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In advance of the Republican National Convention next week, the political chatter in recent days has refocused on the importance of the Latino vote in the 2012 election. Mitt Romney apparently now has a goal of winning at least 38% of the Latino vote nationwide–despite all the polls that show him garnering as low as low as 22% in recent months. And that was before Republicans spent this week adopting a hardline immigration platform for next week’s convention. The anti-immigrant provisions – which call for the “self-deportation” of undocumented immigrants – were added by Kris Kobach, a vocal anti-immigrant activist and advisor to Mitt Romney.
Kobach took it one step further yesterday when he filed a lawsuit filed to block the implementation of the DREAMer deferred action program. According to Elise Foley at Huffington Post, Kobach said “that the campaign was aware of the lawsuit and had not expressed concerns with the plan.” Taken together, this paints a picture of a Republican Party leader (Romney) who is actually a follower on the issue of immigration. It’s time for the candidate speak up, in his own voice and his own words, and be clear about where he stands on important issues.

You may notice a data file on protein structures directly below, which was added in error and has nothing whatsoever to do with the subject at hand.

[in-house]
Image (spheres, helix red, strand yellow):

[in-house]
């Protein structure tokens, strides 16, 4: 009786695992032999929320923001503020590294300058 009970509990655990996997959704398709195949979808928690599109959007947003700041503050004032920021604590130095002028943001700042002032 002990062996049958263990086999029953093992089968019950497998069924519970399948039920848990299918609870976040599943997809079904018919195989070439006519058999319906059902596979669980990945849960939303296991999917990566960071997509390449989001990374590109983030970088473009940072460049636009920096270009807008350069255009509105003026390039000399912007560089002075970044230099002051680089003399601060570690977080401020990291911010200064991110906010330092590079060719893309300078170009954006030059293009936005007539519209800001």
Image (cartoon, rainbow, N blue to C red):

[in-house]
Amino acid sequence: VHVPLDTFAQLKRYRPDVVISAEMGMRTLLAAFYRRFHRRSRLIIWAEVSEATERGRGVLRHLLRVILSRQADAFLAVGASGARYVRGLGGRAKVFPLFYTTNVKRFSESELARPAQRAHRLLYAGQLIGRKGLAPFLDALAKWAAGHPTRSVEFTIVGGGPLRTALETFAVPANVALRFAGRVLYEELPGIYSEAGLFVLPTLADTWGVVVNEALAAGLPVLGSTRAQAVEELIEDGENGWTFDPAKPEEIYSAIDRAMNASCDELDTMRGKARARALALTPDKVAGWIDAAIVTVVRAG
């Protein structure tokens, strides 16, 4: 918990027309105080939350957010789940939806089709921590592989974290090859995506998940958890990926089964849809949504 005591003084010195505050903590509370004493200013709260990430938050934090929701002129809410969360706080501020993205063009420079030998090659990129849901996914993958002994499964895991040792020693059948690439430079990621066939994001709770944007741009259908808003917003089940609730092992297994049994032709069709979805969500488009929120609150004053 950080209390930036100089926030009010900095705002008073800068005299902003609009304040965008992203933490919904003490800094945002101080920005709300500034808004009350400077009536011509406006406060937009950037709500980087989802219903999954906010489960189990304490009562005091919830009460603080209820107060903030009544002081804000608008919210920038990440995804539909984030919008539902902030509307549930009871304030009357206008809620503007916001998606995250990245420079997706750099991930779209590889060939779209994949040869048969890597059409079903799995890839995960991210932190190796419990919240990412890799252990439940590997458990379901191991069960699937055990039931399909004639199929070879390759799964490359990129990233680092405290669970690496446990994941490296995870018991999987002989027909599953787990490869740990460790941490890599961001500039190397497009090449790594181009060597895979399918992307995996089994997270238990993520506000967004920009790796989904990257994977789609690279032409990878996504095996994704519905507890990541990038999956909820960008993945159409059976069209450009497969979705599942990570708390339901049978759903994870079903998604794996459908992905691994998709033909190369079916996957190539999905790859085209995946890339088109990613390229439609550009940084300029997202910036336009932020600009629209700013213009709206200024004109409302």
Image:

According to Frank Sharry, Executive Director of America’s Voice:
Romney remains stuck between a nativist rock and a demographic hard place. This is why he is continuing his general election ‘just trust me, but no details’ strategy, substituting vague rhetoric for actual leadership and remaining complicit in the GOP’s shift to the far right on immigration.
While Kobach might be in the driver’s seat for the Republican Party on immigration, there will be plenty of Latinos on the dais at the Republican Convention. Some may even talk about the need for “immigration reform” in general and bash Obama for failing to enact legislation (that Republicans blocked). They’ll follow the Romney general election playbook of saying, “just trust me, I’ll do better than Obama, but I won’t spell out any details.” Meanwhile, Romney’s primary positions will be there in the Party platform, in black and white.
It’s time to hear from the candidate in his own words. Here are three key immigration questions that Romney needs to answer:
According to Sharry:
Given Romney’s avoidance of substantive immigration discussions during the general election, and the impact of his decisions would have on millions of people, it’s time for Romney to state clearly and unequivocally how he plans to treat the undocumented immigrant population in the nation. The American public deserves specific proposals, not calculated avoidance.
Helpful Resources Ahead of Republican Convention